Raytheon tapped for hypersonic R&D work
Raytheon Co. has won a $174.7 million contract from DARPA to continue its research into weapons that can be fired at supersonic speed.
The Raytheon win follows a Lockheed Martin award for similar work in September. The Lockheed contract is valued at $171.2 million.
The research work is part of a DARPA-Air Force project known as the Hypersonic Air-Breathing Weapon Concept.
According to DARPA, the goal is develop systems that can operate at hypersonic speeds, or five times the speed of sound. Also, known as Mach 5 and beyond.
Weapons systems that can operate at these speeds would revolutionize warfare, making it possible to conduct military operations from longer ranges and with shorter response times and greater effectiveness, compared to current systems.
DARPA says these kinds of capabilities would “provide significant payoff for future U.S. offensive strike operations, particularly as adversaries’ capabilities advance.”
The goal is to develop an affordable air-launched hypersonic cruise missile.
The contracts won by Raytheon and Lockheed will validate key technologies to accomplish this goal.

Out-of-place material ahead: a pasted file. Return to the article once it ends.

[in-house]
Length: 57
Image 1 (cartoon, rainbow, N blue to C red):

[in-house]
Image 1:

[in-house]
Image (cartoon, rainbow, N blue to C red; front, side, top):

DARPA wants the HAWC program, as it is known, to have flight demonstrates that would look at technologies such as advanced air vehicle configurations for hypersonic flight, hydrocarbon scramjet-powered propulsion for sustained hypersonic cruising, and approaches for managing heat stresses of high-temperate cruising.
They are also interested in affordable systems design and manufacturing approaches.
DARPA also is interested in how reusable hypersonic air platforms can be applied to intelligence, surveillance and reconnaissance and space access.
This last part is what I feel is most interesting. DARPA is rightly looking at these hypersonic technology not just as something that goes really fast but also at its potential to be an information platform.
For more contract awards, see our WT Insider-exclusive Contract Award Database, featuring every award we have covered since January 2013.
Posted by Nick Wakeman on Oct 31, 2016 at 8:53 AM